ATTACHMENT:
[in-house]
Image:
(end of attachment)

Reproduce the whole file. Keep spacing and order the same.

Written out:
[in-house]
Image: